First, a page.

The Independents

About three in 10 Americans identify themselves as "independent." A new Washington Post-Kaiser Family Foundation-Harvard University poll looks at their evolving impact on U.S. politics. The tabs below identify five types of independents.

Disguised Partisans: Independent in Name Only

Disguised Partisans

These independents think like partisans; they also tend to vote like them. And naturally, they come in two flavors — “Disguised Democrats” and “Disguised Republicans.”

They are not, however, identical to avowed partisans. They are more negative about politics today, more likely to have supported an independent or third party candidate in the past and are more open to an independent presidential candidacy now.

In other instances, disguised partisans seem more partisan than Democrats and Republicans themselves.

Disguised Democrats

[Chart: How disguised partisans responded to our poll questions]

Walking and talking Democrats, these independents lean overwhelmingly toward the Democratic Party; two-thirds always or mostly support Democratic presidential candidates.

They are more tuned in to government and politics than rank-and-file Democrats, and 13 percent said they get a lot of information about politics from blogs (the most of any group).

They also have even more negative attitudes than Democrats about the Bush administration, the war in Iraq and politics generally. Nearly six in 10 said they are “angry” about Bush’s policies.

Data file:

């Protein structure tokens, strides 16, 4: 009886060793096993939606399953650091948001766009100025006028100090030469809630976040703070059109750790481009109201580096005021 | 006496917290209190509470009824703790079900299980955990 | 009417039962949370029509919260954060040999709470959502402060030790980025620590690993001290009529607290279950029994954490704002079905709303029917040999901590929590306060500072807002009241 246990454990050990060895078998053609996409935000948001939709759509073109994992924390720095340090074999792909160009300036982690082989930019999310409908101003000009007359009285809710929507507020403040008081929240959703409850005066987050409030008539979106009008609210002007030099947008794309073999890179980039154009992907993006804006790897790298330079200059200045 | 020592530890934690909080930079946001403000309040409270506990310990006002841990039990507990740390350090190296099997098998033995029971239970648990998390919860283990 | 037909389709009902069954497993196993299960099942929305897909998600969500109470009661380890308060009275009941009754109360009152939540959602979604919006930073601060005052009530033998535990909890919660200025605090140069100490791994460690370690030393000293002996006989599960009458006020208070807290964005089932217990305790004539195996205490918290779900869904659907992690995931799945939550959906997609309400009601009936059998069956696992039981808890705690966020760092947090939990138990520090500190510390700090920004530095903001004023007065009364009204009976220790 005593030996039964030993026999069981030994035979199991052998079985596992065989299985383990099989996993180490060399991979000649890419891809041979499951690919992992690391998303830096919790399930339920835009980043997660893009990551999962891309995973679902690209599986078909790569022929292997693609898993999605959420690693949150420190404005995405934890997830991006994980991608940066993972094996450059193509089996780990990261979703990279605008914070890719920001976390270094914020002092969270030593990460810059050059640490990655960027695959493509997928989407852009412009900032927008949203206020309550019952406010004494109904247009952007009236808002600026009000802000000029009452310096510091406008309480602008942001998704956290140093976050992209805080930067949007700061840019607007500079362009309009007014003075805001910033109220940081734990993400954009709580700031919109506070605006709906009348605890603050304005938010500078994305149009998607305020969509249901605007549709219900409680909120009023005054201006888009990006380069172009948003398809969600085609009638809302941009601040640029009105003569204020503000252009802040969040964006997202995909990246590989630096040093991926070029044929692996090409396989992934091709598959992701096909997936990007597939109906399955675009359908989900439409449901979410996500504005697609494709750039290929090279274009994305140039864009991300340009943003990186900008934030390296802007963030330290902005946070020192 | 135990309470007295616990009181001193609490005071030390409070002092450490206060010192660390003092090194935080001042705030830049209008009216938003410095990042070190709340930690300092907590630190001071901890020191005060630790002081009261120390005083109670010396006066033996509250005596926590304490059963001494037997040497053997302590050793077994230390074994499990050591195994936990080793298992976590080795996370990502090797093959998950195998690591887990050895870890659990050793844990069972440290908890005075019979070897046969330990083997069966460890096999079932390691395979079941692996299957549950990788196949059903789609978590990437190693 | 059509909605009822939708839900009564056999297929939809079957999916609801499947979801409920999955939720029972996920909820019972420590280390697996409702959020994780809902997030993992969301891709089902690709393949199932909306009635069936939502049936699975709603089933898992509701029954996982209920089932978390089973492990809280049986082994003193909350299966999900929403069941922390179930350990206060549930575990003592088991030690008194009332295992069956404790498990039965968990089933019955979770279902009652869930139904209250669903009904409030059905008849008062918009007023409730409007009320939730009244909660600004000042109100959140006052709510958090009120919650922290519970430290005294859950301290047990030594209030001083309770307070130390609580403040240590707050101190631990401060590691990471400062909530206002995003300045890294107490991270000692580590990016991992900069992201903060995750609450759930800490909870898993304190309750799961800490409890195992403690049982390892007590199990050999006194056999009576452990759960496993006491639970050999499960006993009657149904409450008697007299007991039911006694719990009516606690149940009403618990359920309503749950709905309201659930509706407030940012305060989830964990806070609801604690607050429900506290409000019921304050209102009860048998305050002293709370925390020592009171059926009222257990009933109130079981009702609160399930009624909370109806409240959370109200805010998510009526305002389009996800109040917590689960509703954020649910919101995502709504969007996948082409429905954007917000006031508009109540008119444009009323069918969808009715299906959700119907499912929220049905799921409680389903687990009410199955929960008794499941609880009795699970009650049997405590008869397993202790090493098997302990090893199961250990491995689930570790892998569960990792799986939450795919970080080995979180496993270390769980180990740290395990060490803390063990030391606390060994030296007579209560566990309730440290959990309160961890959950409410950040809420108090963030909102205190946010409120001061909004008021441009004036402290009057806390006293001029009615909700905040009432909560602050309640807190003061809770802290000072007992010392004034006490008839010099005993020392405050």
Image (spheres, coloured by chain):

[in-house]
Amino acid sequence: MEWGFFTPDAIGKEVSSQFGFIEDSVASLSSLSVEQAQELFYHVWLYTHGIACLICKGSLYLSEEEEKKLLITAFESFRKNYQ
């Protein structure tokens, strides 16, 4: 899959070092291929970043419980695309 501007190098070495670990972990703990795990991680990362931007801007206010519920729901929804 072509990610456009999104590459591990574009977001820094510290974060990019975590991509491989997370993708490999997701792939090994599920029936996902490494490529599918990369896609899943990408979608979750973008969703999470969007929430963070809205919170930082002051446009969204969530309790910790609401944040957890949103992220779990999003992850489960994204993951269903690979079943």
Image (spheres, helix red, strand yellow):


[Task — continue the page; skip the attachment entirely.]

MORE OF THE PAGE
For 2008, this group is solidly Democratic, but three-quarters would seriously consider voting for an independent.

Disguised Republicans

[Chart: How disguised partisans responded to our poll questions]

In their votes and policy preferences, these independents are largely indistinguishable from those who call themselves Republicans.

Six in 10 always or mostly vote for GOP presidential candidates, 57 percent say abortion should be illegal in all or most cases and two-thirds believe the Iraq war was worth the costs.

They are more likely than Republicans to single out immigration as the most important issue of the day and also more likely to advocate that most illegal immigrants here now be deported.

Two-thirds call Ronald Reagan the greatest modern president.

For 2008, this group is solidly GOP, although many would consider an independent.


© 2007 The Washington Post Company